This essay traces Joyce's use of eastern imagery in Ulysses back to the poetics of Samuel Taylor Coleridge, ultimately offering an alternative to Edward Said's familiar argument for Orientalism as a mode of western domination. Though the relationship between Coleridge and Joyce has been left largely unexplored, Joyce's allusions to Coleridge's "Kubla Khan" and The Rime of the Ancient Mariner at crucial points in the novel reveal the importance of The Arabian Nights as a narrative model as well as a sourcebook for aesthetic misrepresentations of the East. Sharing a common interest in the theme of loss and recovery in both its literal and figurative forms, Coleridge and Joyce deploy eastern imagery as a way of eliciting a multivalent structure of symbol and allusion whereby the representation of the particular aspires to the universal.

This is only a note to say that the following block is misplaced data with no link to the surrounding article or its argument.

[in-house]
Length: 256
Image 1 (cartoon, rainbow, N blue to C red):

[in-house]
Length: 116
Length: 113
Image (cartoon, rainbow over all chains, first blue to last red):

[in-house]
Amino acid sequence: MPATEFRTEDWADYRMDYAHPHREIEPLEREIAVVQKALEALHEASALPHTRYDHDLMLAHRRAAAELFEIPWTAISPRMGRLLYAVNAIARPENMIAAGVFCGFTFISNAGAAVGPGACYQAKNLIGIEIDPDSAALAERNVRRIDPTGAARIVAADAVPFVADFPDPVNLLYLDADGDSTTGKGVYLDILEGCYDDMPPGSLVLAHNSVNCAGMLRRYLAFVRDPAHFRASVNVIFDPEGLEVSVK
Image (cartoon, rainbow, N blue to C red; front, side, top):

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pp. 495-510
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